Don’t just take the approach that works well, take the approach that works well towards the aims you want. The advice that works for me works for me because I like accessible genre fiction with varying degrees of action. The advice that’s ‘good’ for me would be terrible for someone who wants to produce ground-breaking experimental fiction. Good writing depends on your aims, and if you don’t keep those aims in sight then you will end up working smoothly and efficiently towards something you never wanted.

On which topic, have you ever followed writing advice that ended up not suiting you? What widely accepted wisdom have you rejected, on writing or something else? Share your thoughts in the comments, and whatever you’re working at, make sure that you keep your aims in mind.


Picture by Pete via Flickr creative commons.

Things I have learned from freelancing

So, after a little bit of time doing freelance writing, and an even littler amount of success from it, I feel that I’ve learned some valuable lessons for the other, more fun side of my writing life, and for anyone else who’s out there writing. These are, in no particular order…

Do more research

I’ve had to do research on all sorts of things. Not always in depth, but it’s always interesting to do, and even a few minutes’ research beforehand can making the writing flow much better and much more convincingly. Even things I think I can blag my way through are worth researching. I should bear this in mind for fiction.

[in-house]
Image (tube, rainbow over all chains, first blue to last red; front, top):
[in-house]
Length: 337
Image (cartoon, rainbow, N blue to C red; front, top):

Careful with the posture

Oh dear lord, the pain. I work at a laptop. This has been straining my shoulders and neck for weeks. That in turn creates headaches. Varying my posture, and never working slumped on the couch, really helps. So does the separate monitor I borrowed off a friend today. As soon as I can afford it, I’m buying one of those special posture friendly writing desks.

Goals are good, panicking about them isn’t

I’ve been setting myself lots of measurable, realistic goals – stuff like ‘write two chapters a week’ or ‘write one of those every Wednesday’. It’s good at keeping me focused and motivated. But inevitably, the first set of goals didn’t quite match what I could achieve. I’ve been running myself ragged trying to meet them, then beating myself up when I couldn’t. They’re still goals I should get to meeting sometime soon, just not yet, so I’m keeping them as aspirations. I just have to remind myself, when I start to stress out on a Friday afternoon, that as long as they’re pushing me to achieve more, I don’t always have to meet every goal.

Be more disciplined

Last night I sat up until midnight talking about gaming. Today I am dog tired and struggling to focus – hence this hasty post before I completely crash. I need to use my willpower to stick to things I promise myself, like getting to bed at a sensible time.

Now I’m going to follow some of my other advice, by having an evening off and chilling out. Have a good weekend folks.